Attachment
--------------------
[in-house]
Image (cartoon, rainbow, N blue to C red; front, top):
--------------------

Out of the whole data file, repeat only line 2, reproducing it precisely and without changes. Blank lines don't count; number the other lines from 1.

Image (cartoon, rainbow, N blue to C red; front, top):